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5 Top Tips For Vertical Allotments

Growing your own fruit and veg can be incredibly rewarding and there’s really nothing quite like sowing a few seeds, tending to them week in week out and then finally reaping the rewards by putting homegrown food on your dinner table.

However, not everyone necessarily has the space required to have a full allotment – and this is where thinking vertically could really come into its own.

Those of you with smaller gardens will find that by using upright structures you’re just as capable of growing an abundance of your own produce as people with expansive grounds. 

Container gardening can also help you grow your own if you don’t have a big garden, but note that you’ll still need more floor space for your pots, which is why vertical gardening is a particularly good option.

You can use existing walls or structures to help you get growing and there’s really no right or wrong way to approach the project. It’s all just about making the most of the space you have available. If you don’t have any spare walls, you can find freestanding grow towers or vertical planters that can also get the job done.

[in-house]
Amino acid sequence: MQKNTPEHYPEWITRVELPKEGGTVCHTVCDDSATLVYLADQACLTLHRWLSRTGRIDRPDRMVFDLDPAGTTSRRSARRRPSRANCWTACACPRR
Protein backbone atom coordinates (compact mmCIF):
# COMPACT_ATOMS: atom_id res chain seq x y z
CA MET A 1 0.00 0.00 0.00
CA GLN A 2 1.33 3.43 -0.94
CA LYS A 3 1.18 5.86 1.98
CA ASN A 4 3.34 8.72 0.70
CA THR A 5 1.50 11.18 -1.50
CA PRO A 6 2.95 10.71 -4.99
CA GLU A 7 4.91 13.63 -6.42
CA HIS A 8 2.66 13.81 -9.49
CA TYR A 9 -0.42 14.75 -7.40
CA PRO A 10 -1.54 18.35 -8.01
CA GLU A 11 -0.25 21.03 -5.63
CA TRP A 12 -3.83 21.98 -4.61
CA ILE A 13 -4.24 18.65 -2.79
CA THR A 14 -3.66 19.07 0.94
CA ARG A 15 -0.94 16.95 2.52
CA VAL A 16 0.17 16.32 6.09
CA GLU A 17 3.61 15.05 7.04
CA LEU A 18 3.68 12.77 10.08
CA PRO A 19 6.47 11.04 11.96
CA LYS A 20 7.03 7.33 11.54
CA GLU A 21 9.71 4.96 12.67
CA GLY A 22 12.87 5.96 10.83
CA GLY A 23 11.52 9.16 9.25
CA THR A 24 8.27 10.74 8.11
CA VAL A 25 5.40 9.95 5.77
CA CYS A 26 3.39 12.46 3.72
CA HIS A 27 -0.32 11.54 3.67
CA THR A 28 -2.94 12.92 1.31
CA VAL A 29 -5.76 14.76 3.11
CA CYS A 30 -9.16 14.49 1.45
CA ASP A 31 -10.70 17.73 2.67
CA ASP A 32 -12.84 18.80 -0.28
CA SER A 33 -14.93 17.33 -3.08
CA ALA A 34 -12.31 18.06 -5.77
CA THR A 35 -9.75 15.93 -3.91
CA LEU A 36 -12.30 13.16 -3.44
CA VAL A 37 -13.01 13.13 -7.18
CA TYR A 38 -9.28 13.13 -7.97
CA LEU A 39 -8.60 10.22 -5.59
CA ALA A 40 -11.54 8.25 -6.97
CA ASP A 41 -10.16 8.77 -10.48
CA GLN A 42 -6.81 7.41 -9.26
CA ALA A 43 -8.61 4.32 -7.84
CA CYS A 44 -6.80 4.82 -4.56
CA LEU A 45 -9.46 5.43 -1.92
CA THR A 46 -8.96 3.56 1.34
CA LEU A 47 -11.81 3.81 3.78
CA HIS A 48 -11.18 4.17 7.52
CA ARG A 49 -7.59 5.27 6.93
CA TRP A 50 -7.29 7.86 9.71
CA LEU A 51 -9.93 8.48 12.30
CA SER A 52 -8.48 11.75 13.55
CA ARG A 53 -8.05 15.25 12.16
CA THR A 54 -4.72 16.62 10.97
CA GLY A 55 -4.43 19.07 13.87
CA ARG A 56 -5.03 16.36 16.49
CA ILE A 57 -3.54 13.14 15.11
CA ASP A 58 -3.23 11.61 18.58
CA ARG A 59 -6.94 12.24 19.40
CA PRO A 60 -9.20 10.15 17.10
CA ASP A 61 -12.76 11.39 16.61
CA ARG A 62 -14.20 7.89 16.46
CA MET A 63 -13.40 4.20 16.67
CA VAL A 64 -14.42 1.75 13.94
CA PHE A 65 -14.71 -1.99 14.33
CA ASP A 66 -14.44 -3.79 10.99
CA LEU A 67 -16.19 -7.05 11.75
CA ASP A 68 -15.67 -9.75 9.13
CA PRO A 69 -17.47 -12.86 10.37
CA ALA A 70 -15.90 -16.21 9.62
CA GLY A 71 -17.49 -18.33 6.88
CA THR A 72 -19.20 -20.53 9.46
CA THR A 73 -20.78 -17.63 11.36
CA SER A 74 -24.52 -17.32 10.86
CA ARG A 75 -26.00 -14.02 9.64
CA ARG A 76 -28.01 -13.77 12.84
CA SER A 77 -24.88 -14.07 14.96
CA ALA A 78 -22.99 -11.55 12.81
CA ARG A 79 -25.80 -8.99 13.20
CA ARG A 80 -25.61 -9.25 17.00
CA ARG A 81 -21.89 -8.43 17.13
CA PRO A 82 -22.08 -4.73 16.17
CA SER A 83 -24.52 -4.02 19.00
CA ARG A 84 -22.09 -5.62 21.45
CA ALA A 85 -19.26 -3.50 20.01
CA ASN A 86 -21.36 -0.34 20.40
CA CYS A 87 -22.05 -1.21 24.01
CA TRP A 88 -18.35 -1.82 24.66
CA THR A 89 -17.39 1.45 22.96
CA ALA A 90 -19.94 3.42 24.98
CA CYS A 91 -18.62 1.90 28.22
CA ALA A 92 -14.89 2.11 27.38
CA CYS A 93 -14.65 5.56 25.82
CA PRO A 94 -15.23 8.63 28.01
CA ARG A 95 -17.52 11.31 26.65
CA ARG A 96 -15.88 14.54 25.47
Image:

One important factor to bear in mind with vertical planting is the width of the structure. While you can plant upwards with ease, you’ll need to make sure that your vertical allotment doesn’t jut out so far that it becomes difficult to navigate around.

Some of the best crops to consider for your vertical garden include baby carrots and radishes as they don’t take up a lot of space and you won’t need to water them all that much. They also do well in shade, so are great for vertical allotments that are fixed to walls or other permanent structures.

Herbs, of course, are also a good option and you’ll likely see success with climbing vegetables, which are already well suited to growing vertically. Stock up on the likes of beans, peas and tomatoes – and see where the world takes you!


For help with landscaping in Chester, get in touch with LW Landscapes today.